Van Haaren and Fitzgerald have made a lot of progress, including the completion of a state-of-the-art portable solar array they’ll bring with them to charge the EV they’ll be driving across America on 100-percent solar-produced electricity.
PV array taken out of storage
Van Haaren and Fitzgerald had put their portable solar array away for storage for the winter. However, after Hurricane Sandy blasted the East Coast in late October, wreaking unprecedented damage on New Jersey and New York, the two sprung to action and pulled out their portable array to produce electric power for some of the millions of people who were left without electric power in the wake of the storm.
“Luckily, our solar array survived Sandy in one piece at the Sussex (New York) storage site,” wrote van Haaren in a blog entry on the duo’s SolarJourneyUSA.Com web site. “We figured it would be helpful to bring it out to Rockaway Beach to help provide some electricity to residents and volunteers. David Gibbs, the PV expert who has been very helpful during our project, arranged a site for us where we could put up our Solar Journey array.”
The solar array was set up next to the St. Gertrude Church and Youth Center on Beach & 38th Street in Rockaway Beach. Van Haaren’s and Fitzgerald’s portable solar PV system provided power to lights, refrigerators, computers, phone chargers and the temporary medical clinic set up in the church.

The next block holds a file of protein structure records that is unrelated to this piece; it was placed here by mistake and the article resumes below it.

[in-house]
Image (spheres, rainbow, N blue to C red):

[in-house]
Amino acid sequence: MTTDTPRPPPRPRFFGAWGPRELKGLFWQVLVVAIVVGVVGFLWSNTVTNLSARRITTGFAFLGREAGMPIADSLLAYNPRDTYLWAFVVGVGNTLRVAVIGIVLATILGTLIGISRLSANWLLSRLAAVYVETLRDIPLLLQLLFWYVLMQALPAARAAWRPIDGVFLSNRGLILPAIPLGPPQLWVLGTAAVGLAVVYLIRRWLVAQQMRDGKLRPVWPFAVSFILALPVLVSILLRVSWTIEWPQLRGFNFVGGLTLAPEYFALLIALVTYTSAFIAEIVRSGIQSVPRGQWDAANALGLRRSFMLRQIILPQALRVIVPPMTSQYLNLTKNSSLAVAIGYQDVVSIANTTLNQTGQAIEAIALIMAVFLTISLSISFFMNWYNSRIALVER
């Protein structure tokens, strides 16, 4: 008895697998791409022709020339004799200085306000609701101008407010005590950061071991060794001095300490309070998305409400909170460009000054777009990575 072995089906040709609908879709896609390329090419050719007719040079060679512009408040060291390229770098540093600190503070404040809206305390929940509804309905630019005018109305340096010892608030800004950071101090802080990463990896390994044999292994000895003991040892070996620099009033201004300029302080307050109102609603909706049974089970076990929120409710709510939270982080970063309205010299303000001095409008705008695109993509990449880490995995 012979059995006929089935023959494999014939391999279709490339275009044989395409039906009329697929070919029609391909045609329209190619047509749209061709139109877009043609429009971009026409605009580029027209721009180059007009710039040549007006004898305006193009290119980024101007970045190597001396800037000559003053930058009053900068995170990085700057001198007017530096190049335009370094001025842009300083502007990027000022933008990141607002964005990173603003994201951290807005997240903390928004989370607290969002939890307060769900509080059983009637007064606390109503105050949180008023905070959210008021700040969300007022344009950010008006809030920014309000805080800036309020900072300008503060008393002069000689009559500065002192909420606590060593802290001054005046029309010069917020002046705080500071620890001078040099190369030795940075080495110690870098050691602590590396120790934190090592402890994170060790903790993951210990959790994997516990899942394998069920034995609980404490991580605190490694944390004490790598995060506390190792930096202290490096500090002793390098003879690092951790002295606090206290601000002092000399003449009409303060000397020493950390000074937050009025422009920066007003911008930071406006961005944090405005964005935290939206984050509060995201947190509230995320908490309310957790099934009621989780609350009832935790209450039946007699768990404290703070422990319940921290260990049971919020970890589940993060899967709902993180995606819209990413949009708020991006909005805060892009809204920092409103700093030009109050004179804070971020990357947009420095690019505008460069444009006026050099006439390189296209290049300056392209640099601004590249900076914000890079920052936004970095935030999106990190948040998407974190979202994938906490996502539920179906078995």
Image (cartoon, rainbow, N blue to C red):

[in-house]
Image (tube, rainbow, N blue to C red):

“A much better use of solar than letting it sit in a storage facility, isn’t it!,” notes van Haaren.
We wholeheartedly agree 🙂
Hats off to Van Haaren and Fitzgerald for bringing their unique portable solar array out of storage and donating it to a good cause.
In fact, portable solar ended up popping up in multiple places where Sandy had destroyed the distribution mechanisms of the old-school centralized electric grid (see YouTube video below).
Here’s hoping the use of portable solar inspires a serious rethinking of the old, top-down, center-out, electric power and distribution model that clearly is extremely vulnerable to events such as Sandy not to mention distribution center overloads and blowouts, trees and other objects taking out major power lines, and terrorist attacks.
[The video below highlights another instance — not the SolarJourneyUSA instance — in which portable solar power showed its mettle in the wake of Hurricane Sandy. Go Solar, Go! ;-)]